The Cameron Ridge Conspiracy - Chapter Samples
The Cameron Ridge Conspiracy
by Steven Hunter
Two young loons fought over a trout today, wings beating and beaks spearing, the last fish of the year. Soon they’ll have nowhere to go but up, and away.
The open water narrows as ice from the south shore reaches to meet the ice clinging to the north side. It’s late fall, and if the inching ice succeeds in meeting today it will be the earliest freeze up in our time here. I think it will, when the sun sets.
Soon the breeze will no longer ripple, and gusts will no longer chase the waves. Ice will slowly leave the water below as it thickens and becomes polished to a sheen by wind-whipped tails of snow. Then, for half a year or so, all will be still under its frozen blanket.
Just as the water was alive under the blue sky—constantly in motion, changing colour with the weather’s moods, ducks bobbing, fish leaping and eagles snatching—the ice becomes winter’s stage. There are no tracks yet but they will come. Light-footed coyotes hurry to the hunt on slick shortcuts, no longer seeking thin trails through tangled thickets and snow covered windfalls. The swinging strides of moose dot the lake in single file, etching a line from willow shores to poplar slopes. Ravens croak and hop, drawn by small details striking their sharp black eyes and curious minds.
Under the ice the current is cold and subtle. A stream feeds this lake and another drains it. Water that runs in eventually runs out. On cold moonless nights the ice moans and mourns to the frosty stars, rumbling and snapping like thunder, echoing against the forest.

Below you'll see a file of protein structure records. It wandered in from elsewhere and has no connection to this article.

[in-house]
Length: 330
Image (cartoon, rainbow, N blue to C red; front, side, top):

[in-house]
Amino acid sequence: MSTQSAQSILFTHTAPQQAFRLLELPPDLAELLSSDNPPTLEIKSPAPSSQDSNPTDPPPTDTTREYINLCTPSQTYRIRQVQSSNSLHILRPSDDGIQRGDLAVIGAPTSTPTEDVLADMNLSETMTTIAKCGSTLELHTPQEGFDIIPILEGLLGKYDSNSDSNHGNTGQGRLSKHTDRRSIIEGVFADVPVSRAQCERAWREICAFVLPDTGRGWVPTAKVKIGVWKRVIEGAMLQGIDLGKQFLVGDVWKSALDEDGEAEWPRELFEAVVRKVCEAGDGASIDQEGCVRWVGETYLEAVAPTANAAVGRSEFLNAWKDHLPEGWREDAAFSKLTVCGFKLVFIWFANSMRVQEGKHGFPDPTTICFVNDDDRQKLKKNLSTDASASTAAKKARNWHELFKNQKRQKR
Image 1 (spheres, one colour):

In my mind’s eye I see my brother and sister under the ice, drifting in the slow dark current, their long black hair flowing; touching, bumping, tumbling over each other in an endless caress, a dance of the deep. They are at peace. They have become the lake.
My name is Rose. I’ll tell you a story, a story of our family and of our people and of things that changed our world forever.
The Promise of Change
“The governor knew something of our ways and I became hopeful that he might understand our concerns,” Chief Dubeau said to us.
Chief Simon spoke of how the trouble that the miners brought nearly started a war, one that was to be joined by three other Indian Nations. The number killed on both sides in the canyon was growing quickly. He told of the great council of chiefs held at his village and their resolve to find peace with the white intruders. Soon after the council of chiefs decided for peace a man named Snyder arrived in their village. They made treaties with him about passage through their territory and about sharing the river.
At that point the governor’s face darkened and he spoke loudly, “That man, that American, had no authority to negotiate any form of treaty in a British colony.”
Chief Simon remained calm and told him that it was their territory and that their nation could make treaties with whomever they chose. He asked, “Where was the queen when the trouble started?”